What is the primary function of the retina?
The retina is a thin layer of tissue that contains millions of light-sensitive cells (rods and cones), and is located in the back of the eye. The primary function of the retina is to receive, organize, and send visual information to your brain, through the optic nerve. This whole process enables you to see.
What is retinal disease?
Retinal diseases cause damage to any part of the retina. Untreated retinal diseases can lead to severe vision loss and even blindness. With early detection, some retinal diseases can be treated, while others can be controlled or slowed down to preserve, or even restore vision.
Symptoms of retinal disease
Many retinal diseases and conditions present with similar signs and symptoms, such as:
- Seeing floaters or flashes of light
- Blurred or distorted vision
- Blind spots in central vision
- Reduced vision
Who is at risk of developing retinal disease?
Certain factors may increase your risk of developing a retinal disease, such as:
- Eye trauma
- Family history
Most common retinal diseases
Retinal disease can present in many different forms. The most common retinal diseases, their causes, symptoms, and treatments are provided below.
A retinal tear occurs when vitreous gel that fills the eye begins to shrink, pulling on the retina with enough force to cause the retinal tissue to tear.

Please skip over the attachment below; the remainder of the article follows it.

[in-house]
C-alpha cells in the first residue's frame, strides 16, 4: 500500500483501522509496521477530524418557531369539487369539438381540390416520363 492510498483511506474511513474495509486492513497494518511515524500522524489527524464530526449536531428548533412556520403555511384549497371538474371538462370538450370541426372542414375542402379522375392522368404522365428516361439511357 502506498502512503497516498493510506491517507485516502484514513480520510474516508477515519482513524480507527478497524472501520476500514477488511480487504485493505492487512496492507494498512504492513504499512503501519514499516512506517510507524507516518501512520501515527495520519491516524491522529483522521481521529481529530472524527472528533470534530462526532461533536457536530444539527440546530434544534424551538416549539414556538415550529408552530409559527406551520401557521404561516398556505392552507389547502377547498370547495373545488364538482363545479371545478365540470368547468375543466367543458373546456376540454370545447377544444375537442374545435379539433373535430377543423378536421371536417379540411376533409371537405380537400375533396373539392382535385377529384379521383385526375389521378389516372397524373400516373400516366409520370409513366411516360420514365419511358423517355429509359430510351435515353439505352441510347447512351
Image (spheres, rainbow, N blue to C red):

As we age, the vitreous tends to separate from the retina, creating a posterior vitreous detachment (PVD).
A posterior vitreous detachment affects more than 60 percent of people over age 70.
In most cases, a PVD does not cause any complications. However, some people are born with a more sticky vitreous which causes it to pull away from the retina in an abnormal way, resulting in a retinal tear.
In rare cases, a retinal tear may occur as a result of an eye injury or trauma to the retina.
A retinal tear can cause sudden vision changes, such as black spots or floaters and flashing lights. Retinal tears can increase the risk of retinal detachment and severe vision loss.
Retinal tears are typically treated with laser surgery or freezing treatments called cryotherapy.
Retinal detachment generally occurs when fluid travels through a retinal tear and causes the retina to detach from the other tissues in the back of the eye— cutting off its blood supply and ability to function properly.
- Retinal detachments affect 5 in 100,000 people, annually.
- Middle-aged and elderly populations are affected more frequently, with approximately 20 in 100,000, annually.
The symptoms of a retinal detachment depend on the extent of the detachment, and can vary from no symptoms at all, to seeing floaters, flashing lights, and a shadow that blocks the peripheral vision and sometimes central vision as well.
Three main causes and forms of retinal detachment include:
- Rhegmatogenous. This is the most common form— occurring as a result of a retinal tear. It may be caused by aging, or because of an eye injury, surgery, or nearsightedness.
- Tractional. This typically occurs with diabetes, when blood vessels in the back of the eye become damaged and form scar tissue. This scar tissue pulls on the retina, and leads to a detachment of the retinal tissue.
- Exudative. This occurs when fluid builds up behind your retina and pushes the retina away from the tissue attached to it from behind. It typically occurs as a result of age-related macular degeneration, injury, or retinal swelling.
A retinal detachment may be treated through laser treatments, surgery, or freezing treatments (cryotherapy) to repair any tears in the retina and to reattach the retina to the back of the eye.